After we got home, I started to struggle with falling asleep and had nights and nights of tossing and turning and a few days passed and I realized I was feeling so fearful all the time and anxious and tired and this feeling of never being good enough clouded every moment I had with Mike and Chelsea, and I began to have obsessive thoughts at night about not being around enough, not doing enough around the house, not being a good enough mother and wife. I lay awake at night, staring at the white ceiling fan in my room, the hum of the humidifier and the thin streak of light that leaked out from the long heavy curtain on the window behind my bed. My thoughts raced, like a train going downhill, out of control, the brakes broken. Suddenly one lucid thought came: I counted up the hours I’d been home over the last few weeks and realized I was feeling sad because I wanted to be home more. I wanted to slow down. Simply put, I wanted a day off. Something I hadn’t done in almost a year.

This is the thing that I really want to say or rather explain. Once we got home from his parents an dI found myself knee-deep in insomnia and obsessive thinking, I started to journal like crazy. I realized through my writing and also talking with Mike from the time we got home until now that I went from being a person who flowed with the moment to a person frightened of the good moments going away. Frightened by the successes I was having with my work. Frightened by the happiness of my daughter. The easy adjustment Mike and I made to parenthood. Simply put, I was frightened by all the happiness in my life, happiness that seemed to come as a delightful surprise and a delightful relief. As things got better and better the evil spirit of perfection came in and she whispered, her foul rank, dank, puke-smelling breath in my face, “If you don’t try to control all this, it might go away. After all, nothing comes easy and nothing stays good for long.” So I obsessed over projects an increased my working-hours, fearful it all might go away. Within two and half months of this, I crashed. Right there in my in-laws guest bedroom/artist studio.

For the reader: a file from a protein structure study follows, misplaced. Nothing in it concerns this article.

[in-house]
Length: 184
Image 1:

Perfection’s voice began in a smelly whisper and over time and as my successes continued she got louder and louder and eventually I lost my voice. I only spoke to myself in her voice. After all she only came out to Mike and me. She hid from everyone else. She wanted to work a silent torture on me.

Actually, come to think of it, perfection really is not a spirit or something separate from me…nope. She’s a part of me that came from a way of coping with chaotic episodes in my childhood and teenage years. She came to me at age fifteen when I felt like dying from the chaos, and she helped to “raise me”. But the problem is I am raised and don’t need her any more. She needs to retire. Perfection helped me overcome compulsive eating and lazy behavior. She helped me to achieve. But I don’t need her any more because she ‘s trying to help someone who doesn’t need to be pushed into things any more.